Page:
I am working on a keynote for a group of librarians. The theme of the conference is “Librarians on the Edge” and the focus is how librarians are shaping the future.
I’ve been really enjoying BiblioTECH by John Palfrey. The book is a manifesto for libraries with a multitude of examples of innovative online and face to face libraries. Palfrey has also recommended a variety of books and I am trying to check them out of the library. I put a hold on Library: An Unquiet History by Matthew Battles and got the message this morning that it was in.
I spent some time browsing the shelves as well and came away with some gems:
Sense and Sensiblity, Joanna Trollope’s contribution to The Austen Project
The Book of Speculation by Erika Swyler
The Sandman Overture Deluxe Edition by Neil Gaiman
I’m not sure I’ll have time to read them all in the next two weeks but I can always renew them.
Finished The Accidental Tourist and liked it more than A Spool of Blue Thread: maybe a stronger plot with clearer connections between the characters.
Anne Tyler tells human stories with characters that verge ever so slightly on the stereotype. The Leary siblings in The Accidental Tourist seem almost too quirky, tied as they are to the past and their own routines and needs. It makes personal relationships difficult and marriage almost impossible unless the spouse understands those needs and can make accommodations in the name of love. Macon Leary has gotten out, it seems, until an almost unspeakable tragedy leads to the end of his marriage and his return to the arms of his sister and brothers. It takes Edward, his dog, to help him reconnect to an unlikely “fixer” who helps him really see the world outside the cocoon he has built.
Now I’m working through Rebel Yell: The Violence, Passion and Redemption of Stonewall Jackson by S.C. Gwynne. A think book but Gwynne knows how to tell a story. He fits in the details and yet balances them with human interest. Even the battle descriptions, usually a turn off for me, are well written. I’m reading it for the nonfiction “challenge” on Library Thing but decided it’s more important to me to read slowly than finish it by the end of the month.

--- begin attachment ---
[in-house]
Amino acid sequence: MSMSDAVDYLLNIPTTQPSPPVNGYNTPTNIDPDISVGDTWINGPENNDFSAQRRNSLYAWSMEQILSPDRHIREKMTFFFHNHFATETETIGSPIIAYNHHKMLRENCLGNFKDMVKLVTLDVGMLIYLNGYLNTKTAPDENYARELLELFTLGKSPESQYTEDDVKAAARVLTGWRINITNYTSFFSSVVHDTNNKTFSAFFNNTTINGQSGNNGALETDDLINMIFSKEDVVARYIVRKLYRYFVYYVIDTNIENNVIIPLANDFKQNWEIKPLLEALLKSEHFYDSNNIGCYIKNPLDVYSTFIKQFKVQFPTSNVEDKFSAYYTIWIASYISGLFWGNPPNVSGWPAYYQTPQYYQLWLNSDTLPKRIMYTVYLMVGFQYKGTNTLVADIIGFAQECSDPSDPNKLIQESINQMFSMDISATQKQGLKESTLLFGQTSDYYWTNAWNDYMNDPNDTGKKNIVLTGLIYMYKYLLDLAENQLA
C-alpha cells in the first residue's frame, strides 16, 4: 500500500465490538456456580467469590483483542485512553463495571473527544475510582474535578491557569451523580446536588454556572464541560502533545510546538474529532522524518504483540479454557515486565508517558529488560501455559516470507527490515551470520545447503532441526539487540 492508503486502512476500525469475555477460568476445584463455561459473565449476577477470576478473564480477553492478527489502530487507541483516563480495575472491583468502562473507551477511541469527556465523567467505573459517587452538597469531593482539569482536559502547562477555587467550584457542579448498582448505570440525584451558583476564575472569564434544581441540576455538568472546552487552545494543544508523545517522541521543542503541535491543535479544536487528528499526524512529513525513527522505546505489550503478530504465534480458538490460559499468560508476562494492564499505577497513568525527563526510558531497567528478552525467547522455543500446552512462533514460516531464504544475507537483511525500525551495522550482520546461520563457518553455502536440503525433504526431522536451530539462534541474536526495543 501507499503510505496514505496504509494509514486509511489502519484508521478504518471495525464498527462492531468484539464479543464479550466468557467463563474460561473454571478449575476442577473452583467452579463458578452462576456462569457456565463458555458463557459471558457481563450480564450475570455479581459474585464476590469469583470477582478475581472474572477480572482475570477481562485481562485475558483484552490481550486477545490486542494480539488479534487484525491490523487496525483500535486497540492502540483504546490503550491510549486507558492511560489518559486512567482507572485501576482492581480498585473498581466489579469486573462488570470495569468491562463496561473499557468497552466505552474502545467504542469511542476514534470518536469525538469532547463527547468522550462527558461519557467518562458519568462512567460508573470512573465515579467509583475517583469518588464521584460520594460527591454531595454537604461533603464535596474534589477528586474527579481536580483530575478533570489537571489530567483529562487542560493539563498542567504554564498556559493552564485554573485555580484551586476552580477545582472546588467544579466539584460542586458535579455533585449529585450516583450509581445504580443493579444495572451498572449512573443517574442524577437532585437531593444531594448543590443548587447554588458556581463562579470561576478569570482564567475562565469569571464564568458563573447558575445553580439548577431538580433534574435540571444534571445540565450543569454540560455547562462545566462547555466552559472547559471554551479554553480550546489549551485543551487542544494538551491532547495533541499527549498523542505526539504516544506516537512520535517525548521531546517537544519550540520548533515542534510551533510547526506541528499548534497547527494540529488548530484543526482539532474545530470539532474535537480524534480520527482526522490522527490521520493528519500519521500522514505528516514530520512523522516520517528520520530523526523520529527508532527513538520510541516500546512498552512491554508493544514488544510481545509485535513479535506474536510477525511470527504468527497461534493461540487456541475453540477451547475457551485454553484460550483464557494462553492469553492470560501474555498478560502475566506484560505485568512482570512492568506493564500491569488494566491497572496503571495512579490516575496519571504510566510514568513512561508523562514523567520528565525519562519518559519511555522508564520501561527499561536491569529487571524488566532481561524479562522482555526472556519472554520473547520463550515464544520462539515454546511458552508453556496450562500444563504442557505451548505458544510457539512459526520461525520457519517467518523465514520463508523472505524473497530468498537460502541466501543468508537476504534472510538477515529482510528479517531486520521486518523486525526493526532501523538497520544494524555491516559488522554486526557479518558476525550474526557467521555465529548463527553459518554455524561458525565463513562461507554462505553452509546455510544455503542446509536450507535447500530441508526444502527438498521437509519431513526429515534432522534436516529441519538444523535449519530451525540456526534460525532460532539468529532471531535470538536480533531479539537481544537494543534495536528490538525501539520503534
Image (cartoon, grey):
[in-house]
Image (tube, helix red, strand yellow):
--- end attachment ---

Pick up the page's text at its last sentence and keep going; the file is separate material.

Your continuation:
Meanwhile, kudos to my library: when I was in a couple weeks ago, the librarian turned me on to their digital magazines. WOW! I’ve printed a few recipes from Bon Apetit, read a feature about Joy Mangano in Good Housekeeping, and enjoyed browsing the other available subscriptions. It’s a wonderful service, easily accessible from my laptop or iPad.
We got about 10 inches of snow and ice during the big storm. Enough to keep me tucked inside: made beef stew and the most amazing Liege Waffles from King Arthur Flour. They were delicious made in my plain old waffle maker and I’m looking forward to toasting them for breakfast this week.
I did a quick search on library on this website and discovered two January entries (2011 and 2012) that resolved to use the public library more. Clearly, it was not a resolution last year since, when I logged in the other day to reserve a book, I discovered that my card had expired in 2014.
But, I’m back at it again this year: as I’ve gotten more involved in the reading groups sponsored by LibraryThing, I am discovering lots of books that aren’t on the shelf. Some may have free versions through Amazon but, mostly, I would have to pay for the digital versions. These are generally books that I won’t reread so the library seems like quite an economy. My library has a savings calculator that gives an estimate of the cost of the services you use. I think it’s a monthly calculation (I was a little confused by the number to be entered so counted each book as a “service” that I used). Including two books, a magazine (the librarian showed me the online magazine access they offered) and one interlibrary loan, my cost was $76.00. I may be able to cancel at least one magazine subscription.